Other experts suggested that the relationship of shot to pike in larger armies be different. In larger armies the number of shot was recommended to be about 1/5 while in smaller it was suggested that it be 1/3. Despite the recommendations some battles were fought with shot alone. In any case it was the force of the pike which was most significant in most battles.
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Organizational Units

Regiments: From 1572 regiments were formed of 10 companies. This varied from the theoretical in the field.  Regiments were both administrative and tactical units. Regiments were not important for the bands which were smaller groups and were not used in larger military actions. In 1588 the London Bands were put into regiments. It became permanent only in 1616.

The Company: Primary unit  of organization. Administered itself. Companies: raised units, issued equipment, commanders were responsible for pay and fines. The company did not work on its own outside of garrisons, sieges and training.
The size of units was largely theoretical Ideally they would range from 100-200.  In the Netherlands in 1585 a regular army company was made up of only 80. Trained Bands probably consisted of about the same theoretical and practical strengths. Full strength was probably rarity attained. Companies could be joined together in the field. Generally groupings of common weapons were formed. A grouping of shot from other companies was called a troop. A grouping of pike was called a maniple.

Specialists within the Company: Captain, Lieutenant, Ensign, 2 Sergeants, 5 Corporals, 2 Drummers, a surgeon, a fife and clerk. Occasionally Gentlemen-volunteers would take part. For each 100 men the unit would have 10-20 pioneer troops who functioned as engineers. They were provided with bows, bills a steel helmet or old armor.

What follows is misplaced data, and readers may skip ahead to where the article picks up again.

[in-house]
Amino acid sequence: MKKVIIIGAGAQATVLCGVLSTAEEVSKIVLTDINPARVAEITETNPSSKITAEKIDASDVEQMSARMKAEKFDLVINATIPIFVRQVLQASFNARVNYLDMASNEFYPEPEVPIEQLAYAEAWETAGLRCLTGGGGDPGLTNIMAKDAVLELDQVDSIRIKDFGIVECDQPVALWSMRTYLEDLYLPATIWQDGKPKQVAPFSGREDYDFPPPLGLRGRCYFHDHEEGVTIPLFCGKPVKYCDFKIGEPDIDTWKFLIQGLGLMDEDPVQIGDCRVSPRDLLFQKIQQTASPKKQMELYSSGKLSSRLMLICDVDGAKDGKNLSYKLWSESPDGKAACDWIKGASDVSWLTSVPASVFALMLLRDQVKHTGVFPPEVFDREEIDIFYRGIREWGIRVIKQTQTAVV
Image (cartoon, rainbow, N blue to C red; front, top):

Squadrons:  5  Squadrons per company. These were lead by a Corporal. One weapon type per squadron- pike or shot for example. The basic administrative unit.

Disiners:  Two disineers per Squadron. The  Lancepassado would preside.

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There were generally several social groups in the regular army: Commissioned officers, non-commissioned officers and private soldiers. Commissioned officers were generally gentlemen.
Commoners would never progress beyond the rank of seregeant. No matter who a gentleman was or how skilled he was given a commissioned position.  In London the bands were made up almost exclusively by commoners. Officers however, would be men of higher classes. In 1588 however none of the 40 or so companies in the city had captains who were gentlemen.  In 3-4  of the  companies outside of the city were listed  as being "esquires". In 1600 only 1 out of the 25 city companies had an esquire as commander. In the countryside officers were more likely to be made up of the local gentry.

Captain: Responsible for the company. Most  duties administrative. Pay, Equipment, Discipline. Training, siege and garrison duty. In the field the commander of the regiment would be responsible for many companies.
The captain should be experienced in all the lower positions and in the use of the weapons of the unit. In the trained bands he could rise from the ranks in the regular army he could not. Other characteristics- fear of God, virtue, wisdom, policy, valor, carefulness, vigilance. Morale and discipline were important areas of specialization. Leading and inspiring were major concerns. The captain should stay with his men.  His place was in front of his troops. A good  speaker. His badge of office was the Partisan.